[10:56] Jodie: Interesting question, Sonya. I wasn't in a good place, but I also know that when I was then diagnosed, I kind of had to very much compartmentalize everything. And so everything that I'd been working through with my brother kind of I always said I felt like I put it in a box and put the lid on and put it to the back of my mind because I couldn't go there anymore. And just then was processing everything that was happening. It was really hard to process everything that was happening to me because of what had been going on. And I remember the day that I'd first heard from the doctor, my GP, that it was DCIS before I even saw the breast surgeon or anything. And I remember I came home and called my auntie, who had been an absolute rock in the weeks beforehand, and she said to me, Is everything okay? And I broke down and I said, I had a mammogram last week and that's all I could say. And she's like, a holy ****. And so I had support of people. What was really disappointing was, despite the fact that all of my doctors knew my story, I had to actually ask for a mental health plan. And even when I then did, and that was great, I went to see a psychologist that I'd seen previously. There were times during treatment when I wasn't in a good place at all. And I think we've had a conversation about this. There was at least one time when my GP actually said to me, I think you need to go on an antidepressant. And I said, I'm dealing with a whole heap of stuff here, I don't need to mask that, I need to actually work through it. But her answer was, rather than processing it all in this way to actually just try and medicate it, and I got really frustrated with that. I'm a very big believer in stuff like, absolutely there are some people who need to have antidepressants and I would have if I felt I needed to. I also knew I needed to be very fully aware and able to process everything in the moment.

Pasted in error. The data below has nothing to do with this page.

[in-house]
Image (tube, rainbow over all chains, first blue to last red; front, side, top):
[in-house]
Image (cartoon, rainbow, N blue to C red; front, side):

[13:36] Sonya: And huge kudos to you, even though you were in a pretty fragile place. You had the fortitude and the resilience to advocate for yourself and to, like you say, you said earlier, to know what you wanted, know what was right for your body and to push for that to be what led the conversations.